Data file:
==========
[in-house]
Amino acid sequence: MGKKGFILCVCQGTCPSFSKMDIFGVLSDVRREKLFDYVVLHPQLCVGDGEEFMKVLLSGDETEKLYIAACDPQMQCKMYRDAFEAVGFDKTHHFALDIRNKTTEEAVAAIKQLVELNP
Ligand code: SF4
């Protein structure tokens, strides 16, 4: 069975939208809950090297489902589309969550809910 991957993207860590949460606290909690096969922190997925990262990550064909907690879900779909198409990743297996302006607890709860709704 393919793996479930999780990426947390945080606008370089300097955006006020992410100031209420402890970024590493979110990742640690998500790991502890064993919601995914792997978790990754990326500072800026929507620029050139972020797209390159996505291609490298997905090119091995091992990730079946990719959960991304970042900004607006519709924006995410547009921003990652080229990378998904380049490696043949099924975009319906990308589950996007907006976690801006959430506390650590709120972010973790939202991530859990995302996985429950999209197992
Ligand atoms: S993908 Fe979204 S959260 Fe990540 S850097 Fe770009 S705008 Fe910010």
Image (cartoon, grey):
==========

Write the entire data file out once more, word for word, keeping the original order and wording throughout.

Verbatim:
[in-house]
Amino acid sequence: MGKKGFILCVCQGTCPSFSKMDIFGVLSDVRREKLFDYVVLHPQLCVGDGEEFMKVLLSGDETEKLYIAACDPQMQCKMYRDAFEAVGFDKTHHFALDIRNKTTEEAVAAIKQLVELNP
Ligand code: SF4
């Protein structure tokens, strides 16, 4: 069975939208809950090297489902589309969550809910 991957993207860590949460606290909690096969922190997925990262990550064909907690879900779909198409990743297996302006607890709860709704 393919793996479930999780990426947390945080606008370089300097955006006020992410100031209420402890970024590493979110990742640690998500790991502890064993919601995914792997978790990754990326500072800026929507620029050139972020797209390159996505291609490298997905090119091995091992990730079946990719959960991304970042900004607006519709924006995410547009921003990652080229990378998904380049490696043949099924975009319906990308589950996007907006976690801006959430506390650590709120972010973790939202991530859990995302996985429950999209197992
Ligand atoms: S993908 Fe979204 S959260 Fe990540 S850097 Fe770009 S705008 Fe910010």
Image (cartoon, grey):